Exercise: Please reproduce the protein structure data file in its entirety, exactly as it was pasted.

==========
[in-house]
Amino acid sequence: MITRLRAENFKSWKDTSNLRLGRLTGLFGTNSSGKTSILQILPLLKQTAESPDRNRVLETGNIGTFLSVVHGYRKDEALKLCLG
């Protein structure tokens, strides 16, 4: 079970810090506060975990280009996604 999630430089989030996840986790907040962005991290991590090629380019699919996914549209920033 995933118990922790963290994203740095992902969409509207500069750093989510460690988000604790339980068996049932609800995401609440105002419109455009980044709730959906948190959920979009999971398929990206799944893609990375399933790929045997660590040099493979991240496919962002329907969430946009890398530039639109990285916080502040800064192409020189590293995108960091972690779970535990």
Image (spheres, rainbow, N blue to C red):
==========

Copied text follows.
[in-house]
Amino acid sequence: MITRLRAENFKSWKDTSNLRLGRLTGLFGTNSSGKTSILQILPLLKQTAESPDRNRVLETGNIGTFLSVVHGYRKDEALKLCLG
């Protein structure tokens, strides 16, 4: 079970810090506060975990280009996604 999630430089989030996840986790907040962005991290991590090629380019699919996914549209920033 995933118990922790963290994203740095992902969409509207500069750093989510460690988000604790339980068996049932609800995401609440105002419109455009980044709730959906948190959920979009999971398929990206799944893609990375399933790929045997660590040099493979991240496919962002329907969430946009890398530039639109990285916080502040800064192409020189590293995108960091972690779970535990």
Image (spheres, rainbow, N blue to C red):